Of course, only having eight missions means that the story is rather short, though the scriptwriting and other difficulty settings help with the replayability. Experiencing the full story at a private 2K event, I clocked in at roughly nine hours for a full runthrough on normal difficulty (with regular bathroom breaks and about two complete party wipes). Battleborn expects you to revisit each episode multiple times, be it for higher scores and better medals, for challenge by setting the difficulty on advanced (for betting gear drops) or switching to hardcore mode which drops your party's life pool, or for learning more about the story.
The writers made sure to have plenty of situational dialogue with different characters commentating on various setpieces and on other characters in the group, or with the same characters saying something entirely different in another playthrough. Humorous banter between team members and hilarious commentary by characters like Oscar Mike (my favorite line of his is “You know when you think about it…. this is totally fucked up!”) lighten the mood and make completing objectives easier to digest. In particular, many missions have you defend and escort a spider robot (which might be a reference to the Tachikomas in Ghost in the Shell) as it moves from point to point, a tedious task that is partially alleviated by giving the robot loud, offbeat dialogue.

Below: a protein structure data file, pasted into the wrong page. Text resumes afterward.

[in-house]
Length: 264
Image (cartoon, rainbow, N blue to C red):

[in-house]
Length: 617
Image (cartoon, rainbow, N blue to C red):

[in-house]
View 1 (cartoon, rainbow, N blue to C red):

The benefits of this situational dialogue wouldn't have paid off if the roster of Battleborn's characters weren't so entertaining and diverse. Each of their animations, various taunts, and cooldown abilities wonderfully show off their personalities. No matter which role you prefer on the team—tank, DPS, ranged DPS, sniper, caster, support—you'll find a character here that suits your tastes. Those who like charging into battle will like the luchador El Dragón and the gargantuan Montana, while those who thrive as the glass cannon will like the multi-sword-wielding Rath and flying robot Caldarius. And who doesn't like Toby, the tiny penguin controlling a giant mech? Better yet, most of the characters on the roster can be unlocked by improving your overall command rank or exclusively playing multiplayer, your choice.
As for myself, my inner ninja leaned toward Miko at first, the mushroom-capped knife-throwing healer. But I eventually settled on Marquis, the “Titanium Dandy” sniper who can deal high-damage critical headshots, throw out steampunk owl sentries, and cast a handy time bubble that slows enemies, deals damage over time, and accelerates any allies that walk through it. You might expect that both Miko and Marquis wouldn't contend for having the most kills at the end of the match, but if you understand their strengths and know the ins and outs of the map well enough, they can outscore other characters designed mainly for assault.